Many studies highlight the impact of a negative experience on purchasing behavior. For example, in new research from Qualtrics and ServiceNow, 80% of customers said they switched brands because of a poor customer experience, and 43% said they were at least somewhat likely to switch brands after just one negative customer service interaction. A 2021 study by the XM Institute and Bruce Temkin suggests that poor customer experiences jeopardize $4.7 trillion in sales.

It’s also been proven that solving problems delivers better returns than improving what’s already good. Research published in harvard business review by a division of the Corporate Executive Board measured a greater jump in loyalty from “not meeting expectations to meeting expectations” than from “meeting expectations to exceeding them”.

Determine why customer expectations are not being met

How do you do? First, identify negative spikes and perform root cause analysis to understand why the experience is poor.

Determine the drivers of negative outcomes and think around those drivers. Again, it helps to really dig deeper into customer perspectives and understand what expectations are not being met and why.

Sometimes customers struggle to articulate what they need in the first place. A good example of this is captured in the book Outside In: the power to put customers at the center of your business by Harley Manning and Kerry Bodine; part of it is how FedEx has redesigned its package drop experience. Through observation, he learned that placing a package in a giant pile created a negative feeling about the safety of the shipment. As a result, he removed a negative peak moment by having five pre-sort windows behind the customer agent to properly “sort” the package.

One of West Monroe’s customers also had a similar problem. As a software publisher, they saw a discrepancy between revenue sold and revenue recognized, identifying that the root of the problem was a poor experience in the transition from software purchase to installation and deployment. use of the software – what they called “the launch failure”. By addressing this experience, he removed a negative peak moment by setting the correct expectations with the customer and ensuring they can use the software, as intended.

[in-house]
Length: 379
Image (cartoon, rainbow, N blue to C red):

Related article: Are you asking the right questions about customer experience?

Why and how to design a positive ending

Remember pizza? My next order is unlikely to be from this restaurant, despite the very smooth digital experience at the start of the journey. Likewise, a bad flight experience on the way home from vacation can cloud the trip, even if the vacation was great. I might be inclined to choose another airline next time.

Due to the nature of short-term memory, customers tend to retain more recently presented information better – and this influences their behavior in the future.

Create a positive ending to the trip. Praise the customer for asking you for help in solving a problem or completing a process. Or recap what you’ve accomplished together. For example, Mint Mobile features an on-screen celebration at the end of signing up for a new service and transferring a phone number, congratulating the customer on their decision to “save money.”

Be intentional about the experiences you provide

COVID-19 was an unexpected event. We’ve all thrown rocks in the pond during a trial, looking for something to have an impact. Now things are more settled and companies need to be more intentional about the experiences they provide.

The right orientation depends on your organization and your customer, whether they are consumers, employees, or another type of stakeholder. Chances are it’s not a simple exercise with an easy answer. Here are several key questions to ask:

  • What is the result you want to achieve? If you want to reduce churn, you might want to fix the negatives. If your goal is to increase growth through acquisition or expansion, focus on the positives, but make sure the negatives don’t hinder growth.
  • What does the data tell you? To understand what drives the outcome you want, there is no substitute for learning from customers – on the job. Press all the quantitative and qualitative data you can.
  • What kind of experience are you trying to deliver? Consider your target customers, what they want or respond to, and what you do that differentiates your organization from others.
  • What budget and resources do you have? Since we don’t live in a world of infinite resources, figure out where you can achieve the greatest potential ROI.

Related Article: What Do Customer Experience Teams Really Look Like?

Conclusion: Use a design mindset

Whether you’re aiming to turn a positive into a delight, fix a negative, or nail the ending, the next steps are similar. Adopt a design mindset and use a human-centric approach.

Develop a hypothesis, not a permanent solution. Get out fast – conceptualize, test and experiment, learn, measure and make adjustments based on what you learn. And, most importantly, when something works, be ready to adapt and build on it.

Michael knows that a one-size-fits-all solution won’t work with customer experience. So he brings with him a vision and a set of strategic and human-centered tools when he solves your most difficult problems.

He acknowledges that companies are more successful when they have a clear understanding of their target customers.